Perhaps the Brandy most revered locally is St Agnes, which has been going solidly for many years, as Dr William Angove established a distillery in Renmark in 1910. But it was William’s son, Carl, who looked to a new style of Australian spirits, Brandy that was lighter than that which the locals were used to. His efforts are approaching their centenary with the St Agnes versions of VS, VSOP and XO dating back to 1925. Carl spent time in Cognac to perfect his craft.

Recently, the range has expanded, though as Matt Redin from St Agnes notes, they have been so successful that they reached a point “where we had to allocate certain expressions due to shortness of supply of sufficiently aged material for a while. We are now through the worst of this shortage but some of our older statements will be limited in volumes over the next few years.”

Matt expanded on the reasons for the growth. Included in those factors are those who were “initially spurred on by people making more mixed drinks at home during Covid and experimenting with spirits they otherwise would not have tried – including brandy. We also witnessed consumers moving up the premium ladder and purchasing more of our St Agnes XO, Bartenders Cut and VSOP.” That they also won ‘Distillery of the Year’ at the Tasting Australia Spirit Awards, won’t have hurt. Consistency is crucial for brandy production and the fact that St Agnes has had only five master distillers in almost a century is testament to that.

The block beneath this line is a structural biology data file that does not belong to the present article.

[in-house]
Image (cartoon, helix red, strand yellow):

To conclude, a look at some of the wonderful St Agnes brandies – 

Bartender’s Cut ($85) – A fresh take on brandy locally, at 44% ABV, it is made from a blend of Colombard, Chardonnay and Doradillo grapes, which have been matured in a mixture of ex-wine, tawny port and sherry casks for a minimum of eight years. Sipping over ice works well, but this is a brilliant brandy for quality cocktails. This is richly flavoured with notes of glacéd orange rind, chocolate, Christmas pudding and florals. Dried fruits, a hints of sweetness and a powerful finish. 

XO 15-Year-Old ($129) – A perennial trophy winner, with a minimum age of fifteen years, this is 40% ABV. This brandy moves to aromas in the spectrum of cedar, tobacco leaf, orange marmalade, stonefruits, a little more oak and a glorious raisiny note. These flavours explode across the palate. Balance, a lingering finish and no let up of the intensity is key. Fabulous stuff. 

XO Imperial 20-Year-Old ($231) – A stunning brandy with an ABV of 40%, this is blended from material which is a minimum of twenty years of age, with the oldest components dating back to 1970. Incredible complexity. More nuts, toffee, white chocolate, florals and vanilla with touches of caramel weaving throughout. This is a little more spicy than the previous pair. Balance, subtle power, impressive length. Wonderful. 

XO Grand Reserve 40-Year-Old ($872) – An extraordinary privilege to taste an Australian spirit of this age and complexity. An ABV of 43%, the oldest material here also dates back to 1970. Amazing array of aromas here. Lemon butter on fresh toast, florals, tropicals, vanillin oak notes, spices, raisins, honeycomb, stonefruit and more. Every taste sees more emerge. Majestic length here. Balance, harmony and incredible complexity. Should be on every spirit lover’s bucketlist.